Food Network's popular Best Baker in America,
hosted by celebrity chef Scott Conant, has returned for its third season — and this year, South Florida has some skin in the game.
"Proving to be the best baker in America takes a mixture of skill, imagination, and determination," said Courtney White, president of Food Network. "These tremendously talented bakers have their work cut out for them as they are pushed outside their comfort zone to whip up beautiful and delicious baked goods to impress an all-star lineup of prestigious bakers for the $25,000 prize."
Julie Franceschini, executive pastry chef at Cafe Boulud.
Courtesy of the Food Network
Nine pastry chefs are vying for the coveted title of America's Best Baker, with the contestants facing challenges like creating the perfect flaming baked Alaska and mini princess cakes. Each baker's survival hinges on chef personalities Jason Smith and Marcela Valladolid, who assess each treat based on skill and flavor.
Julie Franceschini is a fierce contender judging by the Instagram page run by Cafe Boulud West Palm, where she serves as executive pastry chef. A recent flick of her gem-colored citrus dome paired with key lime sable, yuzu ganache, and clementine sorbet is edible modern art, epitomizing her skilled ability and novel style. The Corsica native attended culinary school in Nice, France, and later perfected the art of sugar at a Michelin-starred restaurant.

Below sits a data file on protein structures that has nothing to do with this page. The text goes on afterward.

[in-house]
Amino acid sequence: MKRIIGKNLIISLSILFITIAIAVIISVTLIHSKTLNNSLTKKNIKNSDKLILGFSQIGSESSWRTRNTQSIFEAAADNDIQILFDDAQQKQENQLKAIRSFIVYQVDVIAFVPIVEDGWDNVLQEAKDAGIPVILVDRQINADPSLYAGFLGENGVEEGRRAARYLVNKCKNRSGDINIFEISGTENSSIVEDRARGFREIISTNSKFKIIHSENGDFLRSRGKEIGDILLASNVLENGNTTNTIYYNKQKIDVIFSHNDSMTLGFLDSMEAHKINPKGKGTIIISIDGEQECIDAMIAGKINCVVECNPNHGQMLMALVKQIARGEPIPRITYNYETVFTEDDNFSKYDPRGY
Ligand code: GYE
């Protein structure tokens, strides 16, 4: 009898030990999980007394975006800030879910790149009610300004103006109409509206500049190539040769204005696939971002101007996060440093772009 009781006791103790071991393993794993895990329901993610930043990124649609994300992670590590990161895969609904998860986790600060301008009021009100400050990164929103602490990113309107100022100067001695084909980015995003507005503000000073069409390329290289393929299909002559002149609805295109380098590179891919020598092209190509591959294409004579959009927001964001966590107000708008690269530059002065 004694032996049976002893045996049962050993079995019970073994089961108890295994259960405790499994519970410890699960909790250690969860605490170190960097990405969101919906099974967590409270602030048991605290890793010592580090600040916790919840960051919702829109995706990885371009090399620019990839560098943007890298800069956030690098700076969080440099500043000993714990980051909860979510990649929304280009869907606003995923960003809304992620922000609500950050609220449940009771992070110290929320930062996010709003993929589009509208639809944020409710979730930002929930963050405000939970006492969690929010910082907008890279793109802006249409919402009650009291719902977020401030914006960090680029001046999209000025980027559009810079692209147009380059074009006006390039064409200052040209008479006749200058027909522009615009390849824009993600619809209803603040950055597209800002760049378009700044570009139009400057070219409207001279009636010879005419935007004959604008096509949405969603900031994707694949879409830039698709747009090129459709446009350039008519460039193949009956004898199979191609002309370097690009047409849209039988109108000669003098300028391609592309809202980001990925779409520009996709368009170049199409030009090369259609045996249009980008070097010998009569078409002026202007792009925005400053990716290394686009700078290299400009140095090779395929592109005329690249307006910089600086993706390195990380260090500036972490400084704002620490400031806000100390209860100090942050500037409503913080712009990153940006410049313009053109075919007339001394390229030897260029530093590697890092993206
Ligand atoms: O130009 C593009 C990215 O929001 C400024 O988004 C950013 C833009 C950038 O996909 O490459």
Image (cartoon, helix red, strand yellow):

But if it were up to Franceschini, everything would be chocolate. "I love working with chocolate, a simple product with which we can do wonders," she says. "In its liquid state, solid, hot, cold, or iced — everything is possible with chocolate."
Miami resident and Ritz-Carlton Coconut Grove executive pastry chef Marian Mulero is also gunning for the title. Mulero is known for elaborate cake design, but treats like macarons and gooey cinnamon rolls are also in her wheelhouse.
Contestant Marian Mulero
Courtesy of Food Network
Of all the things she creates, her favorite is a simple loaf of bread. "I love bread and the science of it. The process when the yeast starts eating the sugars from the flour, creating tiny bubbles of gas causing the dough to expand. This is when the bread rises and fermentation occurs. You can shape the bread in different ways and give it different flavors. This is so much fun. Once it's done, you enjoy the spectacular textures of fresh-from-the-oven bread. There is nothing better than the smell and taste of fresh bread."
Shooting a baking competition show is not all sugar and spice, says Mulero. "The days on-set are extremely long. The tests themselves can last from four to six hours. The judging also takes a great deal of time. We are judged on the quality of our work and what we think of the work of other competitors. We need to describe all the steps used in making our desserts."
While it's still unclear who wins, both local contenders are hopeful. "I discovered that I was an architect, designer, [scientist], artist, perfectionist, creative, everything that you need to be a pastry chef. I have loved it since day one, competing with the best bakers in America," says Mulero.
Monday, June 3, the contestants take on French pastries. The season culminates on July 4. Best Baker in America
airs on Food Network Mondays at 9 p.m.